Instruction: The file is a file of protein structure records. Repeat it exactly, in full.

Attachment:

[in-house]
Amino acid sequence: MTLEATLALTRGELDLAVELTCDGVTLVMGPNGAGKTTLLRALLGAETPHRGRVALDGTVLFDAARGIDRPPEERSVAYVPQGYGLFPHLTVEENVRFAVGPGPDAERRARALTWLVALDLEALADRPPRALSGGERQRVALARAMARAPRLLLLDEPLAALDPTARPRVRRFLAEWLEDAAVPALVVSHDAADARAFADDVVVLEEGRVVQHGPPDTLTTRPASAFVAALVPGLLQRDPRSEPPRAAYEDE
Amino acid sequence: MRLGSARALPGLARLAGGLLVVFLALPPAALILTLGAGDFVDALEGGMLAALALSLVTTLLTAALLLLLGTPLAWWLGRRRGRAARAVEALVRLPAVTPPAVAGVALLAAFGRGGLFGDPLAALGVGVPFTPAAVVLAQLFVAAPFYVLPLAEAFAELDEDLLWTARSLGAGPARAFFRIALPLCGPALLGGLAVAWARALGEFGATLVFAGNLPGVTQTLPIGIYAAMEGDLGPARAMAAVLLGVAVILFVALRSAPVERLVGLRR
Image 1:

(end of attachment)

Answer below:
[in-house]
Amino acid sequence: MTLEATLALTRGELDLAVELTCDGVTLVMGPNGAGKTTLLRALLGAETPHRGRVALDGTVLFDAARGIDRPPEERSVAYVPQGYGLFPHLTVEENVRFAVGPGPDAERRARALTWLVALDLEALADRPPRALSGGERQRVALARAMARAPRLLLLDEPLAALDPTARPRVRRFLAEWLEDAAVPALVVSHDAADARAFADDVVVLEEGRVVQHGPPDTLTTRPASAFVAALVPGLLQRDPRSEPPRAAYEDE
Amino acid sequence: MRLGSARALPGLARLAGGLLVVFLALPPAALILTLGAGDFVDALEGGMLAALALSLVTTLLTAALLLLLGTPLAWWLGRRRGRAARAVEALVRLPAVTPPAVAGVALLAAFGRGGLFGDPLAALGVGVPFTPAAVVLAQLFVAAPFYVLPLAEAFAELDEDLLWTARSLGAGPARAFFRIALPLCGPALLGGLAVAWARALGEFGATLVFAGNLPGVTQTLPIGIYAAMEGDLGPARAMAAVLLGVAVILFVALRSAPVERLVGLRR
Image 1: